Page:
Photography. The art of creating images by recording light. A monumental media capable of shaping human perception and the frameworks of society. Single photographs often become emblematic of entire wars and social movements, forceful in their supposed truth and objectivity.

In Lisa Bird-Wilson’s debut book of poetry, The Red Files, she challenges this notion by breathing life into the nameless and voiceless children trapped inside archival photographs taken at residential schools. These photographs (rows of “well-groomed”, brown-skinned children, standing or sitting in perfect unison, with a nun or priest standing guard) are the first images most Canadians think of regarding residential schools.

The Red Files—which takes its name from the federal government’s filing system of residential school archives into “black” and “red” files—is broken up into three sections. Section one provides several scenes before and after photos are shot at various residential schools. Bird-Wilson, a Métis writer from Saskatoon, examined archival photographs and talked to family members about their experiences in order to craft these poems. In “Boy’s Class Date Unknown”, Bird-Wilson sketches a Remembrance Day photo session where “each boy has a poppy pinned/to his left lapel”:

as the shutter clicks Freddie Bird tucks
his head down and forward
hands clutched together in front,
laughter in his chest,
while Alex Moosemay grins out of his skin
face turned
to greet the prairie sky
little Hector on the other side of Freddie,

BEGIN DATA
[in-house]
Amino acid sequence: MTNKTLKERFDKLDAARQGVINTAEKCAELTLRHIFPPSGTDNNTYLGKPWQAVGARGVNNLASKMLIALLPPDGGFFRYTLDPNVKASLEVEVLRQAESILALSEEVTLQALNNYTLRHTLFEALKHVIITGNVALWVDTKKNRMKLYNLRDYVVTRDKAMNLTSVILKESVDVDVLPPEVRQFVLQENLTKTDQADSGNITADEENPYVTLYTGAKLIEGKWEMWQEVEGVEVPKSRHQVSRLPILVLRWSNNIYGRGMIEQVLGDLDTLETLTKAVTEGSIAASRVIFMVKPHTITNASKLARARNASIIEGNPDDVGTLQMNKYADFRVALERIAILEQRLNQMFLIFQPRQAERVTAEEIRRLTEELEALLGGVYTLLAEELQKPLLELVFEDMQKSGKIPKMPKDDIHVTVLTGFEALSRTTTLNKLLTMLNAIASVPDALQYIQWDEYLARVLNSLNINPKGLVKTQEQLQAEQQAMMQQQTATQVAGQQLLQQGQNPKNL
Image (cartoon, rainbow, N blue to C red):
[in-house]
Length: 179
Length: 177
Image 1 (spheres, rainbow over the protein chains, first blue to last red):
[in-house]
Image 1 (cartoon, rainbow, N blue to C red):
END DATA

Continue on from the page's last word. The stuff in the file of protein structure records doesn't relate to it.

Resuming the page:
his one knee forward, chin tilted up
anxious, as if he wants in
on the joke
or might tell
I’m telling you now
it’s November
1927, that time
they shared a laugh
those boys
at the boys beside the blue sloughs
in the heart of the Touchwood Hills

Freddie. Hector. Alex Moosemay. While these are no doubt anglicized names (and names they would have been forced to use under threat of abuse), by using them, Bird-Wilson adds a humanizing element that the archival photographs strip away. Bird-Wilson also shows residential school victims for who they are: children, who, even under abhorrent circumstances, are able to laugh and play.

In the last stanza, Bird-Wilson is clear about what she wants the reader to take away from the poem. She isn’t just showing you through her sketch that these “boys shared a laugh”—she is “telling you” while stating her authority and position as the translator of these photographs.

Although there were certain moments that residential school victims were able to smile (and Bird-Wilson is purposely highlighting them to fill in gaps left by erasure), the daily atrocities these children went through are at the core of the residential school experience.

In “The Finest in the Dominion”, the school principal tempts a young boy, Kenneth, with the promise of driving the school bus. Even though Kenneth’s peers ominously call him the “principal’s fag baby”, he takes the principal’s offer (what kid could resist wanting to drive a bus?) only to be sexually assaulted by him. In “Beside a Residential School”, “kohkums dig/their crooked fingers/earth-deep,” and find the bones and buttons of their grandchildren in make-shift graves.